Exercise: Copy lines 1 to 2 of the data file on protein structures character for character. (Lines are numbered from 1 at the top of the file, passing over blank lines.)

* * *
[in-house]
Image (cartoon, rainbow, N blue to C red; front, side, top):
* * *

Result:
[in-house]
Image (cartoon, rainbow, N blue to C red; front, side, top):